The Red Tea Detox is one of many cleansing programs jostling for attention across internet channels, and the fact that it suggests a fairly passive -therefore easy- way to rid your body of nasty toxins it is likely to be something many people like the idea of, and easily spend cash on. The burning question is does it really work? While the second question is – is it something you should even think about using? Read more about this topic: is red tea detox is a scam.
What does the Red Tea Detox claim it can do for you?
Well the manufacturers are certainly not shy about promoting the benefits of this product – with claims that the average person using this detox tea can drop a pound of body fat every 72 hours by both reducing appetite and cravings for unhealthy food and melting the fat away somehow!
What’s the story behind Red Tea?
According to official media channels a woman called Liz Swann Miller happened across a snake while walking through the African bush. Having been bitten she lost consciousness, waking up surrounded by members of a local community, where a shaman gave her the red tea to drink. Liz was astonished to find that after a few days of drinking this tea her stubborn post-pregnancy weight was falling away rapidly, and she figured out a connection. The red tea had to be speeding up her metabolism and cleansing her body of toxins, and she triumphantly returned to the west with this magic elixir.
Many believe this story to be fake, hyped up with photoshopped images to create a mystique around what is a lab developed product. Either way, what really matters is whether or not it actually does help with detox and is safe to use.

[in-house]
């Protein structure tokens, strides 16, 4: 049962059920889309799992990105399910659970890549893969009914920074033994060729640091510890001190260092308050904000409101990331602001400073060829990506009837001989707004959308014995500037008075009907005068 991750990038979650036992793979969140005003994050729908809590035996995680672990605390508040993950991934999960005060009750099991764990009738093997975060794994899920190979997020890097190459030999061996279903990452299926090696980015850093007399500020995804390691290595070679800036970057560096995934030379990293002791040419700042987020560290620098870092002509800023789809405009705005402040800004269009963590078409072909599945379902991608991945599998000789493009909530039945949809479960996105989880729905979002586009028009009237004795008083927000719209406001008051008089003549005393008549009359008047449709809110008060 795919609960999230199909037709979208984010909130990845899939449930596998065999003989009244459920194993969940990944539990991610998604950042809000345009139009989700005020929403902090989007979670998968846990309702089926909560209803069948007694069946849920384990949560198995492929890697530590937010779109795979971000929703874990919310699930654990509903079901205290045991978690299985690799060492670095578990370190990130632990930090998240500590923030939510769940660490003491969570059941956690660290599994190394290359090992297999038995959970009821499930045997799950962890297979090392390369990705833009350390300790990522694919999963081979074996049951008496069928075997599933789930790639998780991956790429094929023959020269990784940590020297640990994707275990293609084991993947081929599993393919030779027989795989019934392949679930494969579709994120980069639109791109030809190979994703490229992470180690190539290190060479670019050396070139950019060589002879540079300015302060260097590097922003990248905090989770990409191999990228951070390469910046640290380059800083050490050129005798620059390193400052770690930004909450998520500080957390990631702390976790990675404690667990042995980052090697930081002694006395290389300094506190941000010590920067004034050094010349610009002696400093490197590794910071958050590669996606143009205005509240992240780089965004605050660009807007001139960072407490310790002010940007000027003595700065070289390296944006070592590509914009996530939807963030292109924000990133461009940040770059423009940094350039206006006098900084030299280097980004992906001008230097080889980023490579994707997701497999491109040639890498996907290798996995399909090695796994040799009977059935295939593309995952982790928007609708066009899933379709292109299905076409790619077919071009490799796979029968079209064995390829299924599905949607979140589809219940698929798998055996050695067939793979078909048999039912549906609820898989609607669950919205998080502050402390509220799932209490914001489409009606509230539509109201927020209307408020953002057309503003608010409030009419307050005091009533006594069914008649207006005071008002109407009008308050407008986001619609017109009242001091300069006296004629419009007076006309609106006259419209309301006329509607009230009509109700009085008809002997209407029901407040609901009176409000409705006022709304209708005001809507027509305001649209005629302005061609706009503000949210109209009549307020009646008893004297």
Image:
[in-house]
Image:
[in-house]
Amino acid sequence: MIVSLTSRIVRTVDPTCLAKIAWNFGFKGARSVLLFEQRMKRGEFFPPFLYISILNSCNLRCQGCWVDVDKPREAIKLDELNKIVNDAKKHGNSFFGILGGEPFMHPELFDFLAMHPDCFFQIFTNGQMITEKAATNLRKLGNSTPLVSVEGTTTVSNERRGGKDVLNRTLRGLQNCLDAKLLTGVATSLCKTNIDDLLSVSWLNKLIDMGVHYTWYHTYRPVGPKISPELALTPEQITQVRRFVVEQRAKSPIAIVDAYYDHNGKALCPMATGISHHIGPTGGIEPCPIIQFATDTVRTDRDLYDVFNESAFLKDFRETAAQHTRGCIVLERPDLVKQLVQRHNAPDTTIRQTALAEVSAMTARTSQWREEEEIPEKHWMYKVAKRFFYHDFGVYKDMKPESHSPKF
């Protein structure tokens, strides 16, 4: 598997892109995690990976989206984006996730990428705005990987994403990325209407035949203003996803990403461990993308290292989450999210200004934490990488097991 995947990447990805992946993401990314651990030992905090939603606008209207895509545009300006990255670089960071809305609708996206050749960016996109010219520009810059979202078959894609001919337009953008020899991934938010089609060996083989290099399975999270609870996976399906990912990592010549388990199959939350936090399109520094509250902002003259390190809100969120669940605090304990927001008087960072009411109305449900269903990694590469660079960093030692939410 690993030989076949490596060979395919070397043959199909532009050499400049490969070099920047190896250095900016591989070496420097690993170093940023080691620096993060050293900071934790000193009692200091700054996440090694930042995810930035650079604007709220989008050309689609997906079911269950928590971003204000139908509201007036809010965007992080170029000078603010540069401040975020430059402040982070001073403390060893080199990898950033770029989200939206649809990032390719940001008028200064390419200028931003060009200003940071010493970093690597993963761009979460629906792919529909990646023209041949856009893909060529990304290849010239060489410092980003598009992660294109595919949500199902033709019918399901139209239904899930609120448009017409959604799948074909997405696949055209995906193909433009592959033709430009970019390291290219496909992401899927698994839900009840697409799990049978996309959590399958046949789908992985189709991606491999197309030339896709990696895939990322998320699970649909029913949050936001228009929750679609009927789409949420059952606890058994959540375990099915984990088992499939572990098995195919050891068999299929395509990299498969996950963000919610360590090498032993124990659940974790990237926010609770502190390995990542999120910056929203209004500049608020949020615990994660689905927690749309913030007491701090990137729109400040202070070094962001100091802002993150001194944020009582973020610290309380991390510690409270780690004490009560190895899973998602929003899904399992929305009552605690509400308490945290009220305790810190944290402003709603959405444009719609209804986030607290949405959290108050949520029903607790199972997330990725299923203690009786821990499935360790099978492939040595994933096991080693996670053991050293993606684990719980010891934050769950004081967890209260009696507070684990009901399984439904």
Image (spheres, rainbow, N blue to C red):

Is it safe?
Yes it is actually made up of five ingredients you can buy for yourself at any health food store, and it’s fine for vegans and vegetarians too.
Does it work?
It may do to an extent. For example, if you are stressed out all the time then drinking this kind of tea could be soothing, but it won’t address the causes of the stress or change things long term. It is unlikely to produce a 14 pound weight loss in 2 weeks, as promised, even if you consumed nothing but the tea -which would be both miserable and dangerous for your well being. The tea is said to reduce appetite, but many users found this wasn’t the case for them.
The ingredients are easily available, yet nobody else has ever identified any magical chemistry that mixing them together makes. There’s no medical research into any of the claims made, and very little real scientific evidence offered either.
Overall it seems unlikely that the Red Tea Detox delivers results anywhere close to what it claims is possible, so if you do decide to try it be don’t expect the drastic results promised.